No, the customer is NOT always right!

Over my many years in paid employment, I’ve come across some real doozies of clients.  There are also the amazing ones who make you keep plugging away at it every day.

One that stands out in my mind kept barking at me: “The customer’s always right, the customer is ALWAYS right”.  Uh, no they’re not.  Especially when they’re yelling at you.

Working from home has its own uniques set of pros and cons.  Many people, even those nearest and dearest to you, can often think that because you WAH you don’t work as hard.  Perhaps it’s the fact that you can get up and cook, clean, look after children and still get your work done that gives them the impression you’re not really busy…grrr

The fact that my computer is in a home office, rather than a rented office-space does not make WAHMs less of a **insert occupation**.  I know many women (and men) who have worked hard over the years and now choose to do it from their home.  In some ways, I think you can sometimes be more productive WAH as you don’t have the distractions of colleagues and walk-in clients.  It really depends on the industry.

So, back to my humdinger who may have mistaken me as hearing impaired the way they were yelling at me about the fact that “the customer is always right”.  The customer is most certainly NOT always right.  Customer service is a vital part of any business, and we need to ensure our dealings with them are pleasant and professional.  However, when they are yelling, being rude and obnoxious, it’s time to draw the line.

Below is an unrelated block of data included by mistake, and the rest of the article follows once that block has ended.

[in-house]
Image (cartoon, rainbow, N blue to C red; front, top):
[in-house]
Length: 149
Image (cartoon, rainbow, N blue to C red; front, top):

In some ways, as a WAHM I think it is doubly important to ensure that you are not putting up with problematic clients simply because you feel it necessary to your business.  Recognising the old 80/20 rule is so vital to running any successful business: 80% of your time is taken up by 20% of your clients.  Sometimes it’s better to have fewer (but higher quality) clients than it is to churn through the numbers.

Take stock of your clients and your time.   Are you wasting time on one or two clients that could be better spent on new, dynamic work?

Stand up for yourself, and recognise that the custer is most certainly NOT always right.

 

 

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Comments

  1. 100% agree with you. A couple of times last year we had to decide to let a client go because the stress involved with them was just too much. It’s a REALLY hard thing to do – but ultimately it is ALWAYS better for your business.

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